It seemed as if everytime I turned around in college, someone would say, 'These are the best four years of your life.' At football games, I always got the 'enjoy it while it lasts' from the die-hard Husky alum (that is, of course, when I wasn't getting the 'flaunt it while you've still got it' from her husband). And after a year of post-college big city work experience, I can agree with all of my elderly advice givers.
When I first entered the real world, I looked saw endless opportunity and the chance to apply everything I had learned for sixteen years. Once I took off my rose colored glasses I discovered not only was I miserable that the best four years of my life had just ended, but I was in extreme denial. I was also anxious, irritable and lazy, all of which kept me from finding my dream job (or any job, for that matter).
The transition from college to life is the hardest most people have ever had to endure. Not only do we have to get up at the same time every day, but there are a whole slew of other adjustments we are forced to make. And they aren't pretty.
Responsibility Rears Its Ugly Head
Last year we were drinking 007's and now we are dealing with HMO's, PPO's and 401-K's. What is up with real world terminology? Immediately upon entering corporate life, we are supposed to be familiar with every type of insurance and other adult things that we have never even heard of. People are throwing insurance information at us, telling us to start saving for the future, and taking away half our paychecks for taxes.
How to Deal: I have dealt with my real world anxiety – and lack of adult lingo – by browsing Borders and the web for real world resources. Books such as Dummy's Guide to Work are a step in the right direction. It is also a good idea to sit down with the parents and sort through the piles of information you don't understand.
Saving The World'One Daydream at a Time
Unlike your ever-changing college schedule, working means you are now dealing with the same monotonous routine everyday. Spend enough time doing the same thing and you will begin to feel stifled. Personally, I sometimes become anxious that I am missing out on life altering opportunities. There are days when I stare out of my 29th floor corporate window wondering if I am missing out not taking a year off to study the jungles of Brazil, or to teach English in Korea.
How To Deal: I think the best way to ease the anxiety is to talk to your peers. Most of them are in the same place you are. It is also important to remind yourself that your current job – even if you loathe it ' is just the first step of many and you will not be in that position forever. If all else fails, do something crazy; travel, teach in a foreign country, or join the Peace Corps.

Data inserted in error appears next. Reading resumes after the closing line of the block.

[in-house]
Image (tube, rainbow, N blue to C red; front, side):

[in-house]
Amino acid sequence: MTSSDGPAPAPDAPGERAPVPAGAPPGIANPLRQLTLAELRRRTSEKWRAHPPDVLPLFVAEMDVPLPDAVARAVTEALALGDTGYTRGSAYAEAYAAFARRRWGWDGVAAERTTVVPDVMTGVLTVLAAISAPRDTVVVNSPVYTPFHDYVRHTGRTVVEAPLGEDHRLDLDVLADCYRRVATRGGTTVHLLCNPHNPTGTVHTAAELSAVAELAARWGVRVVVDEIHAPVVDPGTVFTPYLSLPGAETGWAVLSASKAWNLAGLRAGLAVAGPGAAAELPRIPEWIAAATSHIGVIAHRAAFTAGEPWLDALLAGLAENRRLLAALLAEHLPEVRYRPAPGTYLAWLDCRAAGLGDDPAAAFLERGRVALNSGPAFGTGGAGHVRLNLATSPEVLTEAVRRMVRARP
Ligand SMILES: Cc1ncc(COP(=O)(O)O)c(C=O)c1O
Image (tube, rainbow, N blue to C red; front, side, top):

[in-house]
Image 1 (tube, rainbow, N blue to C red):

Where is the Phone-a -Best Friend Option?
Knowing my friends are spread across the country has also been a difficult adjustment. I find myself doing things alone ' things I used to drag my three best friends to when I was still at school. As much as I value my independence, I often find myself wondering, 'What would it be like if they were here?'
How to Deal: To keep up with each other, when we do not have anything planned for a month or two, my friends and I are all on an email chain. Nothing brightens my day more then when I get a bubble (thank you, Microsoft Outlook) on my screen that says 'Can you believe '' slept with '.??', a silly quote, or just a plain old I miss you from one of my friends. (Blogs are another good idea because it allows you to see what is going on in your friends' lives.) Whenever we are together, we make sure to plan the next trip so we know when we will be able to see each other again.
Van Wilder Does Not Really Exist
For a long time, I felt that I was missing out at whatever was happening at school, no matter how much fun I was having on my own. That ended when I paid a visit for our annual spring weekend. After being cooped up playing beer bong for 6 hours with drunken freshman I realized what I was not missing: drunken freshmen.
How to Deal: Yes, your new life is not like college. Get over it. Life will never be like that again and as hard as that is to swallow, accepting it will allow you to appreciate what life after college has to offer: independence, happy hour, and high quality beer.
I was – and sometimes still am – scared. That is a part of growing up. At times I want nothing more than to swap my overpriced martini for a night of goofing off with my best friends. If I was still doing that, however, I would not have time to save Darfur, visit Manhattan Museums, or contribute to society. The last sixteen years have been one big path and as clich' as it is, we need to get all Robert Frost and create our own.